GLOBALISATION DEMOGRAPHIC VIEW Industrialised countries: About 200 years ago industrialisation started and with the years prosperity and life expectancy (better medical care, less infant mortality ) grew continuously. In addition to better education, women at work, and a higher standard of living this caused a notable decrease of the birth rate so in our days population increases very slowly or stagnates or even decreases! In general we notice a birth rate of ~ +/- 1% and a death rate of ~ +/- 1%, too. The tendency of shrinking growth is balanced out by migration from less developed countries. At the moment ~ ¼ of the world’s population lives in industrialised countries
GLOBALISATION Developing countries: Industrial development only started in the past 20 or 30 years. Most of the countries currently are still in the first or second phase of development that means that the population growth is enormous (“population scissors” open!) In general we notice a birth rate of ~ +/- 4% and a death rate of ~ +/- 2%. At the moment ~ ¾ of the world’s population live in developing countries.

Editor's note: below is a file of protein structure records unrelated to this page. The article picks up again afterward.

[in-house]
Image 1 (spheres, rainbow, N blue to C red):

GLOBALISATION Reasons for many children: INFANT MORTALITY: Medical care is still not available for many people living in the countryside WORKFORCE : children are needed to help to support the family “ RETIREMENT INSURANCE ”: no state pensions – children have to take care of their parents when they are old SOCIETY: only male descendants guarantee the survival of the old (in connection to the current infant mortality this means that every family should have at least 4 sons to have their “pension” guaranteed SOCIAL PRESTIGE: “real men” have many children – men don’t co- operate with family planning RELIGION: nearly every religion is against contraceptives
Problems of excessive growth:
bad employment situation
uncontrollable migration to cities
poor housing conditions
need for development
Different countries have different methods to control their population:
sanctions (e.g. China many social problems)
rewards (e.g. Indonesia money, less tax, pilgrimage
to Mecca for sterilisation)
free contraceptives and sex education
more or less successful!
The best way would be to develop the countries’ economies and to integrate women into industrial work a higher standard of living fewer children
e.g. Kenya - 8,3 children/woman
Ethiopia - 5,4
Brazil - non-educated women – 6,5 / educated women (until 14!) – 2,5!!!!!